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Official Gazette

Saturday, June 10, 2023

Revision of radio frequency law aims to ensure fair competition

Updated: 10:54’ - 19/04/2022
The revised law on radio frequencies aims to strictly manage and effectively allocate the right to use radio frequencies, and create a healthy competitive environment for telecommunications activities, an official of the Ministry of Information and Communications has said.

NA Standing Committee debates  revised law on radio frequencies__Photo: VNA

At the ongoing 10th session of the National Assembly (NA) Standing Committee on April 18 in Hanoi, Deputy Minister of Information and Communications Pham Duc Long went on to say that the revised law is expected to promote the development of telecommunications infrastructure, contribute to creating a foundation for national digital transformation, gradually developing the digital economy and digital society in the country.

It was also expected to help promote administrative reform, and raise the responsibility of the State, businesses and people in the use of radio frequencies and satellite orbits, contributing to ensuring national defense, security and communication activities, Long said.

The revised law could also help improve the effectiveness and efficiency of radio frequency management activities, and ensure the compliance with the law by radio frequency users, the deputy minister said.

Chairman of the NA’s Committee for Science, Technology and Environment Le Quang Huy said that the total amount of bandwidth of the mobile bands was finite, so the more mobile bands a business held, the more competitive advantage it had.

The Committee for Science, Technology and Environment emphasized the necessity to have regulations on limiting the total bandwidth that an organization is allowed to hold and use to avoid exclusive acquisition, inefficient use or waste of frequency resources. However, there should be no limit on bandwidth because it may affect the market development of businesses and the interests of people in choosing a network operator.

Huy also said that there remained divergent opinions on the auction of the right to use radio frequencies.

Some were in favor of the regulation on the auction of the right to use radio frequency bands with high commercial value and public terrestrial mobile communication bands as shown in the draft law, which is said to ensure competitiveness and transparency in licensing the right to use radio frequencies, except radio frequencies serving national defense and security purposes.

Others said the auction should not be placed on bands with high commercial value and public terrestrial mobile communication bands because the major mobile telecommunications service providers in Vietnam now are mostly state-owned enterprises.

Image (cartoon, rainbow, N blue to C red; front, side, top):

Such service providers also expressed their opinion that the right to use radio frequencies should not be auctioned now.

Huy said that the 2009 Law on Radio Frequency effective from July 2011 had provisions on the auction of the right to use radio frequency bands but such provisions had not been enforced properly in reality.

“It is necessary to make stricter, clearer and more specific regulations to ensure economic benefits and meet requirements for national defense and security in the current conditions and the healthy development of the telecommunications market,” Huy said.

Regarding the proposed regulation on using radio frequencies first allocated for national defense and could be additionally used for socio-economic development in some cases, the Ministry of National Defense opposes the combination, arguing the use of the same allocated frequency band for dual purpose is not clear, which can cause difficulties in examining and monitoring state budget funds or business finance for each type.

The use of frequencies and bands for national defense and security purposes is given priority, as well as for special security. Meanwhile, the use of frequencies and bands for socio-economic development purposes follows an open, transparent and competitive mechanism.

Therefore, combining the use of frequencies and bands for these two purposes is very difficult, complicated to implement and may lead to undesirable consequences.

NA Chairman Vuong Dinh Hue said that radio frequencies constitute an important national asset, especially in today’s strong digital transformation environment.

The radio frequency bands used to receive little attention but now when realizing the important issue of the bands, many agencies and units were interested, Hue said, adding that the amendments of the law were urgent and important.

“The frequency band is a kind of public property, but it is an important national asset,” said the top legislator.- (VLLF)


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